“Killer, Absolutely Killer”

Tarantino’s love for The Exorcist has made him reach for extreme measures. In The New Beverly, he only shows 35-mm films, and Friedkin only allowed for DCP (Digital Cinema Package) versions of the films to be shown. However, Tarantino convinced him to let the Beverly show a print, and the result was astounding.

Tarantino has been vocal in the past about the most important horror film of all time, which turned 50 in 2023. He says, “If I had all the time in the world, I would love to make a really, really scary horror film, like The Exorcist.” Rent on Apple TV.

Related: 20 Horror Movies That Roger Ebert Actually Liked

2 Battle Royale (2000)

Battle royale

Battle Royale

Release Date
December 16, 2000

Tatsuya Fujiwara , Aki Maeda , Tarô Yamamoto , Takeshi Kitano , Chiaki Kuriyama , Sosuke Takaoka


Battle Royale depicts Japan after a disastrous period that has left the country in a ravaged state of poverty and chaos. The government has no idea how to install its totalitarian doctrine, but it comes up with the next best option. They have found a way to fight crime by going to the root of the problem. They believe it all starts at a very young age.

After a violent incident in class, a group of students are taken to a remote island in an undisclosed location. They are now part of a game called Battle Royale, in which they must find a way to survive. They must fight and kill each other until there’s only one winner. If they don’t, the collars around their necks will explode. Sound familiar? This is where it all began.

“That Would Have Been Awesome to Have Directed Battle Royale”

Tarantino’s love for Battle Royale has been enough to make his words appear on just about every DVD release of the film. In 2009, he called it his favorite film since he had become a director, and it’s easy to see its influence on Tarantino’s Western/kung-fu mashup, Kill Bill. More recently, he said out loud that he would have loved to directBattle Royale. That is, while he accused The Hunger Games of being a rip-off of the Japanese action horror film. Stream for free on Tubi.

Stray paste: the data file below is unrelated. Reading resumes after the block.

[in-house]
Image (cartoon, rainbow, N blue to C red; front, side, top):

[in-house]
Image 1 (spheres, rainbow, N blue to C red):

1 Carrie (1976)

Brian De Palma’s Carrie is one of the most important horror films of the 1970s, and it tells the story of poor Carrie White, a teenager who’s been bullied every day of her life in school, and that isn’t her only problem. Her mother, a religious fanatic, subjects her to torture any chance she can, and when Carrie enters womanhood, she’s only called a sinner.

When someone comes up with a way to show Carrie some mercy, someone else comes up with a prank. Carrie gets crowned prom queen, and gallons of pig blood fall on her, and she becomes the audience’s laughingstock. This calls for Carrie’s definite release of her true nature. She’s telekinetic, and her powers aren’t exactly limited to bending metal. She installs Hell on Earth on the most important night of her life.

His Favorite Stephen King Film

According to the handwritten list that Empire published, Carrie is not only Tarantino’s favorite Stephen King adaptation but also one of his all-time favorite movies. This religious horror film sits among the best of De Palma’s entire career, and Tarantino has been enamored with the director’s ability to portray violence and make it artistic in the midst of the gruesome aspects. You can hear more of Tarantino’s kind words for Carrie and De Palma on the Video Archives podcast.

Let’s take a look at a ranking of all Quentin Tarantino’s films through the following video: